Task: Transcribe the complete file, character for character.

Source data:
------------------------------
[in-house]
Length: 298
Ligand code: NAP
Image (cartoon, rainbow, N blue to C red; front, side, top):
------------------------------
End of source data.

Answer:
[in-house]
Length: 298
Ligand code: NAP
Image (cartoon, rainbow, N blue to C red; front, side, top):